Select a container with a drainage hole or be prepared to drill holes for drainage if there are none.

Prepare the container by filling with potting soil up to 2” (5cm) from the rim of the planter. Remove the plant from its pot.

Make a small hole in the soil slightly larger than the Zig-Zag plant's root ball either by hand or using a trowel. Insert the plant into the hole and press soil firmly around the roots and just covering the root ball. When all the plants are potted, water thoroughly to settle the soil and give plants a good start. Place plant in a reliably sunny location.

Zigzag Plant Care

Zigzag plant is generally grown as a houseplant and is a fairly easy plant to grow and care for. It's also easy to propagate from cuttings.


This plant does best with plenty of indirect sunlight. If you position it in a very sunny window, a lightweight curtain or slatted blinds turned to half-position works to give this plan the sun exposure it needs. Overly bright sunlight may scorch the tender foliage, so keep an eye on it and move it or create some shade if this happens.


Any rich potting mix will work fine for growing this plant, providing the drainage is good. Adding vermiculite, peat moss, and a bit of sand will help keep the soil evenly moist but not too wet.

Using an unglazed clay pot with drainage holes in the bottom will help insure the soil drains effectively.


Despite being a tropical plant, zigzag plant doesn't like wet soil. Misting it a bit if your house is dry can help it stay healthy, and mimics the plant's preferred natural setting.

Temperature and Humidity

As with most tropical plants, zigzag plant does not tolerate cold very well, so give it a spot inside that is away from any drafty windows. It prefers a temperature range between 60 to 70 F but can tolerate a low temperature of 50 F or a high temperature of 80 F with no major problems.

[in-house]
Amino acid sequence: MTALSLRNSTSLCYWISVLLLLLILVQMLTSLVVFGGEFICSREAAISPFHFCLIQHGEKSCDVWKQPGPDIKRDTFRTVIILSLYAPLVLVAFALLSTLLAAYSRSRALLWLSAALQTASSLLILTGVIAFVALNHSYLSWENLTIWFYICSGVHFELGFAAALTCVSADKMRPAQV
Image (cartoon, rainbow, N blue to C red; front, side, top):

A bit of fertilizer in spring and every three weeks or so thereafter can help it produce nice healthy bracts in summer. The plant goes fairly dormant in the autumn and winter, so discontinue any fertilizing at that time.

Pruning and Propagating Zigzag Plant


In terms of pruning, zigzag plants require very little care. Pruning troublesome branches with clean garden shears is as easy as trimming. However, you should be careful with sap. After sorting, wash your hands thoroughly with soap and wipe them. Touching your eyes without properly washing your hands can cause damage to your eyes.

Propagating Zigzag Plant

You can use root cuttings to produce new devil’s backbone plants. The entire propagation time—from taking a cutting to transplanting the new plant—will take about two months. Follow these steps to propagate a new plant:

  1. Take a cutting. In the spring or early summer, take a cutting about four inches in length from a piece of new growth stem on your devil’s backbone plant. Cut the plant between leaves using clean, sterilized scissors.

  2. Allow the cutting to dry. Let the cutting sit undisturbed on a windowsill or a counter for a few days so the cut end scabs over.